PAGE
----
New Year resolutions by country - winning goals African nations should shoot for in 2015 (PART I)

Think your resolution is tough? Just see what some of these countries are up against.

GOODBYE 2014. It was a year that produced a mixed record for African countries and governments. Here is an overview of the idealistically conceived New Year resolutions that each African government should aspire to for 2015, and might produce better results:  


Quit that addiction 

Some countries in Africa have a deeply worrying drug habit. Mozambique has become an important transit point for heroin and other drugs into Africa while in West Africa, Guinea Bissau is considered Africa’s first narco-state, with huge quantities of cocaine from Latin America passing through to consumers in Europe. Profits from these drug flows is said to have funded the corruption of state institutions and officials. 

For other countries such as Zambia, Angola and Algeria their addiction is far more entrenched. In Algeria and Angola, their addiction to oil makes them incredibly vulnerable - the recent plunge in oil prices demonstrating how this addiction could be fatal considering their lack of economic diversification. 

In Angola, oil accounts for 97% of exports and almost 80% of state revenues. Similarly in Algeria, oil revenues make up 97% of the country’s hard currency earnings and 60% of the government’s budget. In Algeria the government is now in a situation where it has to roll back it’s generous subsidies, risking social unrest, whilst Angola will need to brace itself for the youthful generations who will be demanding jobs. 

In Zambia’s case the country has an addiction to copper - in 2012 copper exports amounted to nearly 70% of Zambia’s total export market - but the government is in “rehab”, introducing policies that would support non-traditional export earnings. They just need to stick with it. In Sao Tome and Principe’s case the country appears to need to quit the habit before it’s even begun. The country has been on an 11 year quest for oil and though it has received roughly $60 million in oil exploration revenue between 2003 and 2013, so far none has been discovered. Perhaps efforts are better placed elsewhere.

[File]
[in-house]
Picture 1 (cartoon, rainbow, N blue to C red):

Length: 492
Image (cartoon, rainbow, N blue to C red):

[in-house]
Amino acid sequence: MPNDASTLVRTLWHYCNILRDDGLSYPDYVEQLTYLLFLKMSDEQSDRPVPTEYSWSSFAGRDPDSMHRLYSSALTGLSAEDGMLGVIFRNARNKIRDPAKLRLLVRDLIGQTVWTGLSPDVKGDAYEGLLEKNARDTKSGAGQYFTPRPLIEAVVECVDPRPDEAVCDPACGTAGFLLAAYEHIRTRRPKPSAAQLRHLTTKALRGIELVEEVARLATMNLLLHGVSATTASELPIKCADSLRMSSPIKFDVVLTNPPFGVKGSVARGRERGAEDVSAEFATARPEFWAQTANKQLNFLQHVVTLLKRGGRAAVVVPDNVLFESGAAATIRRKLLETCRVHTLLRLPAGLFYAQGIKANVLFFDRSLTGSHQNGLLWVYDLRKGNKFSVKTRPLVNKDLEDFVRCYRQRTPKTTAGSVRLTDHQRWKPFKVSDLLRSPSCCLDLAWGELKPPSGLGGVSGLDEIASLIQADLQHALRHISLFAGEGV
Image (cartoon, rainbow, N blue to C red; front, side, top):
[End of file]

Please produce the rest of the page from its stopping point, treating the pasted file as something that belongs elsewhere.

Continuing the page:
Listen more to others


For decades they have managed to rule without having to answer to anyone, but now governments are slowly starting to be held accountable by their citizens. A clear example of this manifested in Burkina Faso when a popular uprising forced long-term leader Blaise Compaore, who ruled for almost 30 years, from office in October 2014 after he tried to change the constitution. 

Among the countries where letters need to listen more this year are Gabon, Benin and Togo. In Gabon, the Bongo dynasty looks like it is starting to take its toll. The capital Libreville has been hit by protests over recent months, as citizens question the legitimacy of Ali Bongo. But this could get worse. Considering previous reports of corruption and embezzlement, frustrations run deep and could explode unless the government starts to respond to them. 

Meanwhile, across the Gulf of Guinea, Benin’s citizens are protesting electricity shortages and delayed polls - another dynasty there also needs to listen more. 

And in a sign of bigger things to come, thousands of citizens in Togo have been protesting with demands that the constitution be changed, barring current leader, Faure Gnassingbe, from seeking a third term of office in the 2015 vote. The Gnassingbe family has run the small West African nation since the current president’s father took power in 1967.


Look after my environment 


Despite expanding cities and a heavy economic reliance on the environment, countries such as Ghana, Madagascar and Tunisia are neglecting rather than attempting to reversing the devastating damage to their ecosystems and need to develop ways to protect it.